Has the FTC been getting complaints about deceptive blogs?
No. As it happens, many bloggers and advertisers already are disclosing their ties to each other. Industry associations and self-regulatory groups advocate disclosure, too.
I’ve read that bloggers who don’t comply with the Guides can be fined $11,000? Is that true?
No. The press reports that said that were wrong. There is no fine for not complying with an FTC guide.
Are you monitoring bloggers?
We’re not monitoring bloggers and we have no plans to. If concerns about possible violations of the FTC Act come to our attention, we’ll evaluate them case by case. If law enforcement becomes necessary, our focus will be advertisers, not endorsers – just as it’s always been.
Do the Guides hold online reviewers to a higher standard than reviewers for paper-and-ink publications?
No. The Guides apply across the board. The issue is – and always has been – whether the audience understands the reviewer’s relationship to the company whose products are being reviewed. If the audience gets the relationship, a disclosure isn’t needed. For a review in a newspaper, on TV, or on a website with similar content, it’s usually clear to the audience that the reviewer didn’t buy the product being reviewed. It’s the reviewer’s job to write his or her opinion and no one thinks they bought the product – for example, a book or movie ticket – themselves. But on a personal blog, a social networking page, or in similar media, the reader may not expect the reviewer to have a relationship with the company whose products are mentioned. Disclosure of that relationship helps readers decide how much weight to give the review.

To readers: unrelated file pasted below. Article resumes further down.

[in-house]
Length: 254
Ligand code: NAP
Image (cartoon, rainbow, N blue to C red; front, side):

Don’t these guides violate my First Amendment rights?
If you are acting on behalf of an advertiser, what you are saying is commercial speech – and commercial speech can be regulated under the FTC Act if it’s deceptive.
When do the Guides apply to endorsements?
I’ve heard that every time I mention a product on my blog, I have to say whether I got it for free or paid for it myself. Is that true?
No. If you mention a product you paid for yourself, the Guides aren’t an issue. Nor is it an issue if you get the product for free because a store is giving out free samples to all its customers. The Guides cover only endorsements that are made on behalf of a sponsoring advertiser. For example, an endorsement would be covered by the Guides if an advertiser – or someone working for an advertiser – pays a blogger or gives a blogger something of value to mention a product, including a commission on the sale of a product. Bloggers receiving free products or other perks with the understanding that they’ll promote the advertiser’s products in their blogs would be covered, as would bloggers who are part of network marketing programs where they sign up to receive free product samples in exchange for writing about them or working for network advertising agencies.
What if all I get from the company is a $1-off coupon, or if the product is only worth a few dollars? Do I still have to disclose?